Writing at City Journal, Andrew Klavan makes a related point that I connect with a recent Slate article by Christopher Hitchens.
Klavan's introductory paragraph from The Big White Lie:
The thing I like best about being a conservative is that I don’t have to lie. I don’t have to pretend that men and women are the same. I don’t have to declare that failed or oppressive cultures are as good as mine. I don’t have to say that everyone’s special or that the rich cause poverty or that all religions are a path to God. I don’t have to claim that a bad writer like Alice Walker is a good one or that a good writer like Toni Morrison is a great one. I don’t have to pretend that Islam means peace.This is related to Hitchens' A Hell of a Country in a somewhat roundabout way. First, an excerpt from that article:
...Iraq was headed straight for implosion and failure, both as a state and a society, well before 2003. Not only this, but its Sunni ruling elite was flirting increasingly with a Salafist ideology. In such circumstances—as many Iraqi dissidents argued even at the time—the United States had to face the alarming fact that a ruined Iraq was in its future whether it intervened or not.A former Trotskyite, Hitchens is no neocon; and, signature iconoclasm aside, his continued admiration for Trotsky makes it difficult to grant him libertarian status. However, as a consistent supporter of fighting back against Islamofascism, Hitchens is one of the few with a far-left background apparently still capable of defining the word fascism. The rest of them think it rhymes with "Bush," and have no idea who Franco was.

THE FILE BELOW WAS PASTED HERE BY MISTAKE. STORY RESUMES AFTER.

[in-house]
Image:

...Without needing or wishing to soften any critique of post-invasion planning, I would propose that this analysis [Ali Allawi's memoir The Occupation of Iraq: Winning the War, Losing the Peace] has a highly unsettling implication. Hell was coming to Iraq no matter what.
The relationship between these writings? Hitchens is the only person with significant leftist bona fides who isn't lying about the war. He could have written Klavan's opening paragraph with the exception of a single word.